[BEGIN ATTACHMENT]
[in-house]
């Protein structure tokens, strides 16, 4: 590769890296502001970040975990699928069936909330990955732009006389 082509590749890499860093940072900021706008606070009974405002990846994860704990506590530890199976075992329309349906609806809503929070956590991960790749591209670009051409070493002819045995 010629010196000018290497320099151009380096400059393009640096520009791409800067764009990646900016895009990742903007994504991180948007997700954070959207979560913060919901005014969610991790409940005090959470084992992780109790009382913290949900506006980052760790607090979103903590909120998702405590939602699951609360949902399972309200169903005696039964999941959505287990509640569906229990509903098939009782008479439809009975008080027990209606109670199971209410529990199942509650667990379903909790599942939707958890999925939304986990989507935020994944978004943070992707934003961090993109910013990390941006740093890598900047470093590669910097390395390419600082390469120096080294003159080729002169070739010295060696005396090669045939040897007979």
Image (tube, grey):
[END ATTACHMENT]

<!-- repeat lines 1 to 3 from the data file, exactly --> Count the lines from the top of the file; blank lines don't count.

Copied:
[in-house]
């Protein structure tokens, strides 16, 4: 590769890296502001970040975990699928069936909330990955732009006389 082509590749890499860093940072900021706008606070009974405002990846994860704990506590530890199976075992329309349906609806809503929070956590991960790749591209670009051409070493002819045995 010629010196000018290497320099151009380096400059393009640096520009791409800067764009990646900016895009990742903007994504991180948007997700954070959207979560913060919901005014969610991790409940005090959470084992992780109790009382913290949900506006980052760790607090979103903590909120998702405590939602699951609360949902399972309200169903005696039964999941959505287990509640569906229990509903098939009782008479439809009975008080027990209606109670199971209410529990199942509650667990379903909790599942939707958890999925939304986990989507935020994944978004943070992707934003961090993109910013990390941006740093890598900047470093590669910097390395390419600082390469120096080294003159080729002169070739010295060696005396090669045939040897007979």
Image (tube, grey):